Blood glucose study
Normal (NR) + NS (98.7 ± 6.0 mg/dL) and NR + AA (106.3 ± 5.8 mg/dL) rats showed little or no change in blood glucose level (BGL). A dose-dependent anti-hyperglycemic study was undertaken with 50, 100 and 200 mg/kg of MSE administered for 10 days to diabetic rats and a decrease of 11.0, 17.0 and 19.9% (P < 0.3 to P < 0.1, n = 6) in BGL was observed (BGL- 297.6 ± 21.2 mg/dL). MSE (100 mg/kg) tended to decrease (17.0% decrease, P < 0.1) but INS decreased the BGL (61.4% decrease, P < 0.05) while, OMZ and PTX showed little or no change in BGL compared with DR + AA group. However, dose of 100 mg/kg was selected for further study as this dose was earlier found effective in healing acetic acid-induced gastric ulcer in normal rats15.
Body weight changes
The mean ± SE body weights of rats in all the 7 groups studied at 0 day showed a range of 201.3 ± 3.4 to 205.4 ± 2.9 g/rat at the start of experiment. 1st and 2nd were normal rat groups while 3rd to 7th was diabetic rat groups. Increase in body weight was observed in 1st (8.9%, P < 0.05) and 2nd (5.6%) groups while the diabetic rats of 3rd to 7th group showed decrease in body weight by 8.7 to 11.3% (P < 0.05 to P < 0.01) respectively on 14th post normal/diabetic day compared with their respective 0 day value. There was significant gain in weight after treatments with MSE (9.7%, P < 0.05) and INS (15.3%, P < 0.01) while, little increase in body weight was observed with OMZ (3.4%) and PTX (4.7%) treatments compared to their respective 14 days value. However, diabetic control rats did not show any increase in their body weight from its 14 day value.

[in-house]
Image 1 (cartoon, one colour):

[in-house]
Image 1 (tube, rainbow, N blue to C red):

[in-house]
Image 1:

Gastric ulcer healing
NR + AA rat showed increase in ulcer index (UI-14.3 ± 2.3, P <0.05) compared to NR + NS (No ulcer) rat while, DR + AA rat showed further increase in ulcer index (108.4% increase, P < 0.05) compared to NR + AA rat indicating increased propensity to ulceration and delay in ulcer healing. DR + AA rats, treated with OMZ, INS and PTX showed decrease in ulcer index by 39.3, 38.6 and 43.3% respectively (near to NR + AA level) while, MSE showed decrease by 63.8%, less than the value of NR + AA rats indicating better healing by MSE compared to OMZ, INS or PTX (Figure 2).
TNF-α, IL-1β and TGF-α
TNF-α and IL-1β
NR + AA rats showed increase in the gastric mucosal TNF-α by 265.1% (P < 0.05) and IL-1β by 52.8% (P < 0.05) compared to NR + NS (intact mucosa) rats. DR + AA rats showed further increase in the levels of IL-1β and TNF-α by 345.0 and 102.5% respectively (P < 0.05) compared to respective NR + NS rats and by 21.9 and 32.6% increase (P < 0.05) compared to respective NR + AA rats. Treatments of DR + AA rats with hypoglycemic drug, INS and anti ulcer drugs, MSE and OMZ and PTX reversed the levels of IL-1β and TNF-α near to the NR + AA level. However, both MSE and PTX showed better decreasing effects on TNF-α and IL-1β compared to OMZ or INS (Figures 2 & 3).
NR + AA rats showed significant increase in gastric mucosal TGF-α (165.1% increase, P < 0.05) compared to NR + NS rats. However, TGF-α was not further increased in DR + AA rats compared to NR + AA group. Treatments of DR + AA rats with OMZ and INS did not increase the TGF-α level further while, MSE and PTX tended to increase TGF-α (Figures 2 & 3).